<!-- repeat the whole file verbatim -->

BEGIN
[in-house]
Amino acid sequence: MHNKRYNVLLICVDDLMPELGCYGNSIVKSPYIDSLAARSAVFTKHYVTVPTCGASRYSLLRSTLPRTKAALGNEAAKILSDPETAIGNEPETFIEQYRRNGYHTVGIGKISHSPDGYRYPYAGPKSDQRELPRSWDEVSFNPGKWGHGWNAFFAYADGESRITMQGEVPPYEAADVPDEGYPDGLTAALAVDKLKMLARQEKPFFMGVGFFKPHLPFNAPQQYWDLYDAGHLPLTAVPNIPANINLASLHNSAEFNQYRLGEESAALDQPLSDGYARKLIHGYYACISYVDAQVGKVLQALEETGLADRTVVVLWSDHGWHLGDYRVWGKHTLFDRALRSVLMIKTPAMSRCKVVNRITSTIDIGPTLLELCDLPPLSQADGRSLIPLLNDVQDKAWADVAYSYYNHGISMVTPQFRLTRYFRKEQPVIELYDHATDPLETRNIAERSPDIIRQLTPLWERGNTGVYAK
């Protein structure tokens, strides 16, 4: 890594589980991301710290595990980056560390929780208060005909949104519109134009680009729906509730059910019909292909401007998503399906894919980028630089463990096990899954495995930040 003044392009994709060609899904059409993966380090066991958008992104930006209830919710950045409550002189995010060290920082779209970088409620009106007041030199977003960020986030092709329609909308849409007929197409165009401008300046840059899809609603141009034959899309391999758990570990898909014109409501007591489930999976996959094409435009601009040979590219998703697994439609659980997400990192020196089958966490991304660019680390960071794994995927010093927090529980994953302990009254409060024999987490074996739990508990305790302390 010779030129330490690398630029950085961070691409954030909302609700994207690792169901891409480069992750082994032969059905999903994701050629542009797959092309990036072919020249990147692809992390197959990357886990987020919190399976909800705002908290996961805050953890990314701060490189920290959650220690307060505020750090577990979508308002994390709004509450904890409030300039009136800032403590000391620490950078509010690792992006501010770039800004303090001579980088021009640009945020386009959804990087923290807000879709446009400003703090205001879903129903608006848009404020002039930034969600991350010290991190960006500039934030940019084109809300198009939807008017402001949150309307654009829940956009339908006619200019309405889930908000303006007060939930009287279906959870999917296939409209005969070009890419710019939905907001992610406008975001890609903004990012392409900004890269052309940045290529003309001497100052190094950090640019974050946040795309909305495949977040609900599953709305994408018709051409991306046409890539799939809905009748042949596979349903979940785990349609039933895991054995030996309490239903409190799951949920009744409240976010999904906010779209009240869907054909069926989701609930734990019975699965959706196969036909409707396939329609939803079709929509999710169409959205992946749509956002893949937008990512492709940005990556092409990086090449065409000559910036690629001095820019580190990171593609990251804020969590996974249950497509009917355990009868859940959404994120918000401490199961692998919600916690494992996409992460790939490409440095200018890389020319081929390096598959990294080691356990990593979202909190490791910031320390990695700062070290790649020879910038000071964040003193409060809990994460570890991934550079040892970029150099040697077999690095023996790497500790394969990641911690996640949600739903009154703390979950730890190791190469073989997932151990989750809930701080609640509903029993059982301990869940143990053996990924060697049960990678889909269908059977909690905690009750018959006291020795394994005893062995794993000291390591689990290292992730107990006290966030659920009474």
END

[in-house]
Amino acid sequence: MHNKRYNVLLICVDDLMPELGCYGNSIVKSPYIDSLAARSAVFTKHYVTVPTCGASRYSLLRSTLPRTKAALGNEAAKILSDPETAIGNEPETFIEQYRRNGYHTVGIGKISHSPDGYRYPYAGPKSDQRELPRSWDEVSFNPGKWGHGWNAFFAYADGESRITMQGEVPPYEAADVPDEGYPDGLTAALAVDKLKMLARQEKPFFMGVGFFKPHLPFNAPQQYWDLYDAGHLPLTAVPNIPANINLASLHNSAEFNQYRLGEESAALDQPLSDGYARKLIHGYYACISYVDAQVGKVLQALEETGLADRTVVVLWSDHGWHLGDYRVWGKHTLFDRALRSVLMIKTPAMSRCKVVNRITSTIDIGPTLLELCDLPPLSQADGRSLIPLLNDVQDKAWADVAYSYYNHGISMVTPQFRLTRYFRKEQPVIELYDHATDPLETRNIAERSPDIIRQLTPLWERGNTGVYAK
């Protein structure tokens, strides 16, 4: 890594589980991301710290595990980056560390929780208060005909949104519109134009680009729906509730059910019909292909401007998503399906894919980028630089463990096990899954495995930040 003044392009994709060609899904059409993966380090066991958008992104930006209830919710950045409550002189995010060290920082779209970088409620009106007041030199977003960020986030092709329609909308849409007929197409165009401008300046840059899809609603141009034959899309391999758990570990898909014109409501007591489930999976996959094409435009601009040979590219998703697994439609659980997400990192020196089958966490991304660019680390960071794994995927010093927090529980994953302990009254409060024999987490074996739990508990305790302390 010779030129330490690398630029950085961070691409954030909302609700994207690792169901891409480069992750082994032969059905999903994701050629542009797959092309990036072919020249990147692809992390197959990357886990987020919190399976909800705002908290996961805050953890990314701060490189920290959650220690307060505020750090577990979508308002994390709004509450904890409030300039009136800032403590000391620490950078509010690792992006501010770039800004303090001579980088021009640009945020386009959804990087923290807000879709446009400003703090205001879903129903608006848009404020002039930034969600991350010290991190960006500039934030940019084109809300198009939807008017402001949150309307654009829940956009339908006619200019309405889930908000303006007060939930009287279906959870999917296939409209005969070009890419710019939905907001992610406008975001890609903004990012392409900004890269052309940045290529003309001497100052190094950090640019974050946040795309909305495949977040609900599953709305994408018709051409991306046409890539799939809905009748042949596979349903979940785990349609039933895991054995030996309490239903409190799951949920009744409240976010999904906010779209009240869907054909069926989701609930734990019975699965959706196969036909409707396939329609939803079709929509999710169409959205992946749509956002893949937008990512492709940005990556092409990086090449065409000559910036690629001095820019580190990171593609990251804020969590996974249950497509009917355990009868859940959404994120918000401490199961692998919600916690494992996409992460790939490409440095200018890389020319081929390096598959990294080691356990990593979202909190490791910031320390990695700062070290790649020879910038000071964040003193409060809990994460570890991934550079040892970029150099040697077999690095023996790497500790394969990641911690996640949600739903009154703390979950730890190791190469073989997932151990989750809930701080609640509903029993059982301990869940143990053996990924060697049960990678889909269908059977909690905690009750018959006291020795394994005893062995794993000291390591689990290292992730107990006290966030659920009474």